This blog post was written by Vincent Weafer.
In the McAfee Labs 2016 Threats Predictions report, published today, we developed two distinct views of the future.
For the first section of the report, we interviewed 21 key people within McAfee Labs, Foundstone Professional Services, and the Office of the CTO’s Advanced Threat Research teams. They were asked to look over the horizon and predict how the types of threat actors will change, how attackers’ behaviors and targets will change, and how the industry will respond between now and 2020. They shared unique insights into the expected cyber threat landscape and the security industry’s likely response.
For the second section, we drilled down and made specific predictions about expected threat activity in 2016. Predictions for next year run the gamut from ransomware to attacks on automobiles, and from critical infrastructure attacks to the warehousing and sale of stolen data. Among other things, we:
- Discuss a subtle yet equally impactful form of attack—integrity attacks—that will become more prominent in 2016.
- Explain why better security in the enterprise will lead to more attacks on employees as they work from home.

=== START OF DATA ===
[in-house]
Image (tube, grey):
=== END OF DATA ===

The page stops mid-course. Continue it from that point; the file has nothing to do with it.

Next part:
- Describe changes in the way we pay for things, and their implications.
- Outline why wearables, integrated with smartphones, are an attractive attack vector.
- Highlight positive changes in the sharing of threat intelligence within the private sector and between the private sector and governments.
The report illustrates an ever-evolving threat landscape, in which applications and prominent operating systems are hardened to attacks, but attackers shift their focus to less prominent but critical attack surfaces, innovative attack styles, and new device types. Researchers depict enterprises building out their complex security defenses and comprehensive policies, while attackers target the weak security of employees working remotely. Nation-state actors continue to drive development of the most sophisticated attacks through firmware, espionage malware, and detection evasion.
The cybercrime-as-a-service ecosystem discovers, mutates, and sells these advanced capabilities and support infrastructure to all comers, including the least sophisticated malicious actors, on the burgeoning dark web. And, while courts and legislatures continue to move slowly to protect individuals and organizations, there are the positive prospects of threat intelligence collaboration that provides organizations real advantages versus their adversaries.
This collective view reveals short- and long-term implications for organizations and an IT security industry working to keep pace with business opportunities and technology challenges, while fighting off the threats attackers launch to take advantage of them.
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